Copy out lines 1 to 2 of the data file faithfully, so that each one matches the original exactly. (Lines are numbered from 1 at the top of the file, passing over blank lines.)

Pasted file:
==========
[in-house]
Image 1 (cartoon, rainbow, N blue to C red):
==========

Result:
[in-house]
Image 1 (cartoon, rainbow, N blue to C red):